It is difficult to get bored of Surrealism – perhaps because the form of art happens to be the best mode of expression for the frustrations, contradictions and desires of our age. Adelaide-based surrealist Andrew Baines (born in Colchester, England in 1963) has long painted pictures containing the usual elements of the style – men in bowler hats and cows and so on. But he has pushed the envelope and of late, has been installing surreal “human sculptures” at the beach.
Where from and how did the concept emerge? Andrew explains, “When I was a teenager, my parents took me back to the UK to visit my relatives. One morning, my dad took me on to the London underground at peak hour, where I was greeted by a sea of suited clones. My dad explained, this was ‘The corporate Battery Hen’, they would work 9-5 Monday to Friday for almost their whole lives, when they turn 65 they would retire, be given gold watches and not long after, they would die. Of course, my dad was being sarcastic. Yet my dad’s words and the powerful image of all the suits crushed together like sophisticated cattle became hard copy in my young mind.
“Over a decade ago, I painted a series portraying business people (London underground business people) in the sea as a metaphor for corporate escapism, which was very successful for me. I wanted to somehow evolve the concept, instead of evolving the painted concept I had an epiphany to bring it to life, to take the imagery off my canvas and make it really happen!”
He continues on how he managed to put it together and the avenues that have opened before him: “With much trepidation, I placed an advert in the local paper asking for volunteers to participate in a secret artistic venture. Over 100 people responded! I contacted the major newspaper art critic and told him I would release 100 suited people into the ocean as a metaphor for corporate escapism. He loved the idea and sent a photographer. On the strength of my page 2 story and photography, I contacted other papers throughout Australia telling them what I’d done and what I would do in their state. As time went on my concepts changed dramatically to putting orchestras in the sea, to live cows. Eventually, I was contacted by charities asking me to come up with concepts to highlight their causes while still staying true to my art. I have almost become an artistic vigilante social warrior LOL! – which I love. It gives my art so much more substance. I also continue paint the imagery and it is auctioned off to raise money for the charities. Two years ago, I was contacted by the UNAA (United Nations Association of Australia) to use my creativity to highlight world events. I’m very proud of this work.”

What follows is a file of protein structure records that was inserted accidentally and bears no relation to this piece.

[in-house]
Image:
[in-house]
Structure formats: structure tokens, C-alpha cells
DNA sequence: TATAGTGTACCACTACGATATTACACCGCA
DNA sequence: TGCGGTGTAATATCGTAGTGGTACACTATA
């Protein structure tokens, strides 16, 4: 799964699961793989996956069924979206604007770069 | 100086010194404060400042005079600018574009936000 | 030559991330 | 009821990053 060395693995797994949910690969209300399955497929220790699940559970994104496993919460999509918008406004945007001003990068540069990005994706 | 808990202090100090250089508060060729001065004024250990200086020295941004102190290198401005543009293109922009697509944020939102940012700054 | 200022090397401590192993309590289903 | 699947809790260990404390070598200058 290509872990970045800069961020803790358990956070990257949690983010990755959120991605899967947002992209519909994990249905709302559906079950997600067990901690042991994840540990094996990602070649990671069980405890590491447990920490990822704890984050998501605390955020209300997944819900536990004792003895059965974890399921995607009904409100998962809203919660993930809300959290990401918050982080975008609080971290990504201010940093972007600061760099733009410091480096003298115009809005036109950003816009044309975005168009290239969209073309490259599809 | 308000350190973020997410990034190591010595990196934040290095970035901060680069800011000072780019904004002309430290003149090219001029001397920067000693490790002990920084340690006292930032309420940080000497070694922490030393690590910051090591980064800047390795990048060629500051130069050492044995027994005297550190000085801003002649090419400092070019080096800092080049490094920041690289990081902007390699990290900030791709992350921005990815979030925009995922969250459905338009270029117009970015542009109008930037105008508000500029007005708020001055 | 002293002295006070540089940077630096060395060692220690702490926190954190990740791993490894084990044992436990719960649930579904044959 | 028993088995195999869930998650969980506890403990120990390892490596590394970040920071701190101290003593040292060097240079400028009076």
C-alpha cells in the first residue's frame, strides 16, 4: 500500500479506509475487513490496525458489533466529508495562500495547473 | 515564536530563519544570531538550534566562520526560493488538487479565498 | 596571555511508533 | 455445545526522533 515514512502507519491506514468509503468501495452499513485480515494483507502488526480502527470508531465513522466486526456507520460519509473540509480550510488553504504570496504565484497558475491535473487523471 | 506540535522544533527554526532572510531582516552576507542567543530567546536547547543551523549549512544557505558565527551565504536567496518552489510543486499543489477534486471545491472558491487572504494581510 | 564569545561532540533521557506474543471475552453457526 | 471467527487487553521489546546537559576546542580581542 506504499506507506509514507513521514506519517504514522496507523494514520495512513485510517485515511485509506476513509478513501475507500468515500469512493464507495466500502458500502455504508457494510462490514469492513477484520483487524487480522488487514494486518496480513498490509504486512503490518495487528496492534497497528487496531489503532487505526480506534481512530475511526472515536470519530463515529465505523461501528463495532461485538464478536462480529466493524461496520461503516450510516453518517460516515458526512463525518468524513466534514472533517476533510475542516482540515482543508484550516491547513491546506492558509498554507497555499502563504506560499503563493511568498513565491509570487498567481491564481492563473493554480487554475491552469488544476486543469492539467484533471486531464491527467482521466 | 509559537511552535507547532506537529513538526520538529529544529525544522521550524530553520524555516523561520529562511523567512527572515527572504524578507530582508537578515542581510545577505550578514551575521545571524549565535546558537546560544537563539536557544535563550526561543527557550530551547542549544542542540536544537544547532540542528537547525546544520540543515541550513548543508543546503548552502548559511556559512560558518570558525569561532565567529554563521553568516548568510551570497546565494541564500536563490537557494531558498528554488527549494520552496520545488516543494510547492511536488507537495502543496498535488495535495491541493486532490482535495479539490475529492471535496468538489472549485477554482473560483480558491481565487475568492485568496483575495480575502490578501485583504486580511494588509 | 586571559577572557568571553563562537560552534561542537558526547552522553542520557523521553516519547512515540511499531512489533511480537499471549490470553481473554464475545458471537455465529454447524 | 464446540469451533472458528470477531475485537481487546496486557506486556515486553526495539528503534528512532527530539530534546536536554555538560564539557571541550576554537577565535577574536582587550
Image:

Andrew’s favourite creation was a photo inspired by the Paris terrorist attacks. He went on the local radio and asked for volunteers to meet him at the local beach, to wear all white attire and to bring red, white and blue umbrellas. At dawn, he lined up over hundred people along the water’s edge facing the horizon. “People were crying as they stood silently gazing onto the sea,” he says. “It was the most powerful and greatest thing I’ve one to date.”
A selection of Andrew’s paintings – both of the corporate battery hen and of lonely figures in rural landscapes:
On the image above, Andrew comments: “My favourite paintings are my latest series that portray Rupert the Bear as a 60 year old as he wanders the country side in an existential daze, wondering if he made the right decisions during his early life?”
He has a message not unlike that of other surrealists: “Stop and look around at your life, are you really being you, or are you just being everyone else? Autonomy! Don’t become a sheeple, don’t become life’s flotsam and jetsam, try to take some control and do what you innately feel, because that is why you’re here! Of course, it’s easy for me to say that in such a privileged part of the world. I don’t know how to help the third world societies, all I can do at present is give you my privileged ideals…”
Andrew started as a painter but now feels he can utilise almost anything to bring his ideas to fruition. He is working on a very bizarre project at present – taking a photo of three hundred dachshunds being walked across traffic lights by their suited owners. It will be a metaphor for the inclusiveness of minorities in society. The short-legged dachshund is overshadowed by the bigger breeds and trendy pocket size dogs. He will produce a series of surreal dog paintings inspired by the event for his upcoming solo in Sydney at Soho galleries in March.
“My best work is still to come!” he says. “The more well known I become, the more I will be taken seriously. Eventually, I want to go to a major corporation and say this is my concept can you please finance it and they will see my body of work and say of course!”
All images have been used with permission. Here’s a nice video in which Andrew talks about his art and philosophy: